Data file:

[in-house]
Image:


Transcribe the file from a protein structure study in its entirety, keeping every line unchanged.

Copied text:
[in-house]
Image: